In an interview a few years ago, Matt Redman talked about revisiting the use of individual romantic language in songs used for worship, mentioning how this doesn’t connect with ‘blokish blokes’. I do think it’s a good sign that he’s willing to revisit, even express some regret about, some of his own published lyrics.
A caveat, though: using the right meaning is not synonymous with ‘connecting with’ people in the sense in which we often use that term. The point is not simply ‘connecting with’ people if by connecting we mean imitating what their experience is. If it is, we write clichés because what’s out there is cliché; if this were the point, indeed, why not write blasphemies to imitate an idolatrous and irreverent world? Instead, we aim to do justice to the faith in the way that we express it.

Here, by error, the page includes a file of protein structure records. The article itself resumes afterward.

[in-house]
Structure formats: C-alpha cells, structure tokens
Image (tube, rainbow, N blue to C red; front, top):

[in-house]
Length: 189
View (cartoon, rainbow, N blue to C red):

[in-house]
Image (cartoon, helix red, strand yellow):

Of course, we often frame these matters in terms of ‘outreach’, because we’re rightly very concerned with getting the gospel heard. Sometimes, though, perhaps our concern is more with forcing a hearing for ‘the gospel’ in so violent a way, so to speak, that we have lost our own reliance on the God of the gospel. But right expression, especially in hymnody, is for the believer as well as the unbeliever, for deep growth as well as nets cast wide.